Toward the end of July 1950 the United Nations Commissioner in Libya, Mr. Pelt, drafted his report to the Secretary-General of the United Nations for submission to the General Assembly at its Fifth Regular Session in September 1950. The Commissioner was required to prepare the draft report in consultation with the members of the United Nations Advisory Council for Libya. These consultations were held at Geneva in August 1950. Copies of the draft report were studied by the members of the United Nations Advisory Council for Libya during that month.
The United States position on the draft report was that in general the report appeared to be a quite satisfactory document to which the United States need take no exception. This position is described in the Secretary of State’s telegram 159 to the Consulate at Geneva (357.AG/8–1150), in Geneva’s telegram 158 to the Secretary of State [Page 1629] (357.AG/8–1850), and in the Secretary of State’s telegram 177 to the Consulate at Geneva (357.AG/8–1850); none printed.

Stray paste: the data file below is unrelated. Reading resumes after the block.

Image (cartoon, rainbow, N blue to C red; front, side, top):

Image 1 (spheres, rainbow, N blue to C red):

For the report of the Commissioner, see United Nations, Official Records of the General Assembly, Fifth Session, Supplement No. 15, Annual Report of the United Nations Commissioner in Libya. Hereafter cited as GA (V), Suppl. No. 15.
The Annual Report of the United Nations Commissioner in Libya, GA (V), Suppl. No. 15, was transmitted to the Secretary-General of the United Nations on September 4, 1950, for submission to the General Assembly at its Fifth Regular Session, which met at Flushing Meadow, New York, from September 19 to December 15, 1950. The Commissioner’s report on Libya together with reports from the United Kingdom and France as the administering powers were referred to the Ad Hoc Political Committee for its consideration. The United States was a member of that Committee, which did not take up the subject of Libya until October 1950.